Mitsubishi confirms new MRJ name is… SpaceJet


Mitsubishi Aircraft has confirmed that the new name for its regional jet family of aircraft and revamped the program, cancelling work on the 70-seat variant and replacing it with a 76-seat airplane called the SpaceJet M100.

The Mitsubishi Regional Jet (MRJ), development of which started in 2004, was to be produced in 70-seat and 90-seat capacity versions, known as the MRJ70 and MRJ90, but will now be developed as the SpaceJet M100 and SpaceJet M90.

Hisakazu Mizutani, president of Mitsubishi Aircraft said, “The SpaceJet family represents our plan to redefine the business of regional air travel.

“As we prepare for entry-into-service for the SpaceJet M90, we are also announcing the SpaceJet M100 – the result of our R&D during the past few years and the answer to the regional market’s current and future needs. These products mark our dedication to a segment in desperate need of change that will allow airlines to enhance the satisfaction of their passengers and significantly improve their business performance.”

The SpaceJet M90 has been undergoing certification flight testing at Mitsubishi’s facility in Moses Lake, Washington state and is expected to enter service “mid-2020”, the company has said.

Meanwhile, the SpaceJet M100 has been designed as the result of a “concept study” conducted by Mitsubishi into the MRJ70, which critics said was too small for its target market. The Spacejet M100 aircraft has been designed to have 65-76 seats in a three-class cabin or up to 88 seats in a single class configuration and is “perfectly matched to the United States and global markets alike”, said the company.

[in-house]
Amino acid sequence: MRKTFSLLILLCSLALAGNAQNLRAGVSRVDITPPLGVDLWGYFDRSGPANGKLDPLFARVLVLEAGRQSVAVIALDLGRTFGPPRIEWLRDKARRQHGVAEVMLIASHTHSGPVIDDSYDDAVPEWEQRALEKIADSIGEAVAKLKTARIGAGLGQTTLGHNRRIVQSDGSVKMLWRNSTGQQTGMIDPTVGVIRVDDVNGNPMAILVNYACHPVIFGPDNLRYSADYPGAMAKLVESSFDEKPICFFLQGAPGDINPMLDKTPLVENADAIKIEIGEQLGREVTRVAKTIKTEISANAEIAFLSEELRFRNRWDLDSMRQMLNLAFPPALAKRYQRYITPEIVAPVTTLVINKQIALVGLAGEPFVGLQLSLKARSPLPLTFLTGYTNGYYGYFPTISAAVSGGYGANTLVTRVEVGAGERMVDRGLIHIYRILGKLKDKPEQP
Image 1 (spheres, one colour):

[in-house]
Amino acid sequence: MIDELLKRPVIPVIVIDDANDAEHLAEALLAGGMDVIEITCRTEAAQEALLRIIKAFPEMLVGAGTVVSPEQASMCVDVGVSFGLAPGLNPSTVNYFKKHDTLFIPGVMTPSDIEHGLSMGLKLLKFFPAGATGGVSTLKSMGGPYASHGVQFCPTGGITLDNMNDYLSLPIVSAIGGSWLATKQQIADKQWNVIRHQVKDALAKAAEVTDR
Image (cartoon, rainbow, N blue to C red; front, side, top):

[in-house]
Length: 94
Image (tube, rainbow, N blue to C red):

The SpaceJet M100 is expected to enter service in 2022, around 18 months after the M90.

Alex Bellamy, chief development officer of Mitsubishi Aircraft Corporation said, “Millions of people around the world rely on regional air travel to get to where they need to go. There is no reason that their experience as passengers should not be as good as or better than on a mainline flight. The SpaceJet family provides the missing link in a curb-to-curb experience for the next generation of travelers, while bringing a higher level of value to a neglected and undervalued market segment.”

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Ben has worked as a journalist and editor, covering technology, engineering and industry for the last 20 years. Initially writing about subjects from nuclear submarines to autonomous cars to future design and manufacturing technologies, he was editor of a leading UK-based engineering magazine before becoming editor of Aerospace Testing in 2017.

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